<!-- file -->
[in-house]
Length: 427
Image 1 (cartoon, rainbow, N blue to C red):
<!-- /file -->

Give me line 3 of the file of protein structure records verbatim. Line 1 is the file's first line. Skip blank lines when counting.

Image 1 (cartoon, rainbow, N blue to C red):